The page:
They rise out of the flat surface of the sea, gathering momentum as they surge toward shore in a succession of c-shaped curves, only to fall against the sand and retreat back into the sea to begin the process again.
It's this motion of advancing and retreating--this pulling and pushing simultaneously--that you can use to create effective chapter endings.
Each of your novel's chapters is like a wave carrying your story toward its final destination, and you should be able to feel the force of these waves--pushing and pulling--at the end of every chapter.
How do you pull your reader forward so that she wants to continue reading the story while simultaneously pushing her deeper into the character's struggle?
Let's examine how two authors--William Wise and Barbara O'Connor--craft their chapter endings.
Here's the last paragraph of chapter five from Wise's Christopher Mouse: The Tale of a Small Traveller, an elegantly written tale about a young white mouse's adventures as he makes his way into the world and soon finds himself in the care of a boy named Freddy:
It was typical of Freddy. He enjoyed making other people happy; he liked to know that somebody else was pleased. And yet, I've heard it's possible to be too generous. I think Freddy was. He found it difficult to disappoint anyone. I guess it made him feel so bad himself. Because of this--and my own stupidity--something happened that no one could have foreseen.This paragraph happens to mark a turning point in young Christopher's life. Until this moment, Christopher has led a relatively sheltered and tranquil life... and it's at this precise moment that he realizes his mistake of taking that tranquility for granted.
Like a wave falling toward shore, this paragraph pulls the reader further into the story with the very last words ("something happened that no one could have foreseen"), which present the reader with a mystery, a sense of danger, a challenge awaiting Christopher (and the reader) as soon as we turn the page.
That's one of the keys to successful chapter endings: they must compel a reader to turn the page in order to find out what happens next.
Yet, like a wave, a successful chapter ending tugs a reader backward, too. How? By offering the reader, in this instance, a chance to feel the deeper currents of Christopher's struggle to survive life's unexpected whirlpools and riptides.
Here's another chapter ending to examine. It's from from Barbara O'Connor's How To Steal A Dog, a moving story about Georgina whose family is living in a car until her mother can find enough money to get them a decent place to live.
As a way to help her mother raise the much-needed cash, Georgina concocts a scheme with her younger brother, Toby, to steal a dog from a wealthy owner, intending to return the dog when the owner puts up posters offering a large reward.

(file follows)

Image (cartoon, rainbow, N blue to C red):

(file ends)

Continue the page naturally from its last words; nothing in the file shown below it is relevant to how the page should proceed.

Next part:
These paragraphs conclude chapter thirteen:
I waited in the car until it was time to go back to school and get Toby. All afternoon, I tried to concentrate on what I had to do next. I went over my How to Steal a Dog notes in my mind and thought about how good I'd done so far.Can you feel the force of the wave pushing and pulling simultaneously?
I had done good, hadn't I? I mean, I'd found the perfect dog. I'd stolen him. I'd put him in a good place where he was safe. Now all I had to do was wait for Carmella to get the reward money. I bet by the time me and Toby got over to Carmella's, she'd have money, and then I could just move on to the last step in my dog-stealing plan.
Shoot, I bet me and Toby and Mama would be in our nice new apartment just about any day now.
O'Connor pulls the reader forward into the story, compelling the reader to turn the page, with these words of hope (which the reader senses may prove nothing more than an illusion): "I bet me and Toby and Mama would be in our nice new apartment just about any day now."
At the same time she pushes readers deeper into Georgina's struggle to help her family by moving us inside Georginia as she begins to question her plan, the one that she's spent days figuring out and on which she's pinned all her hopes.
Notice how both Wise and O'Connor adroitly use chapter endings to take readers deeper into the main character's struggle, as well as use them to suggest danger or trouble or a challenge ahead that their characters will have to face.
Also, notice how each chapter ending serves as an opportunity to reiterate or remind the reader of what the character wants and how far he or she has come and still has to go to get it.
The next time that you're floundering, not sure how to end a chapter, imagine your chapter as one of successive waves rushing toward shore, each wave carrying your story a little closer to its final destination.
If you can offer your reader a sense of danger or mystery lurking ahead at the end of each chapter, as well as deepen the reader's understanding of the character's struggle, you'll soon feel the waves swirling around your ankles, pushing and pulling you and your reader deeper into your story.
For more information on chapter endings, visit:
For information about William Wise and Christopher Mouse, visit:
And for information about Barbara O'Connor and How to Steal a Dog, visit: